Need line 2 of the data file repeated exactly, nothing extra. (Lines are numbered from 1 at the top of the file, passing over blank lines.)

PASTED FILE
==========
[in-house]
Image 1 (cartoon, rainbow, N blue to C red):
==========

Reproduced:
Image 1 (cartoon, rainbow, N blue to C red):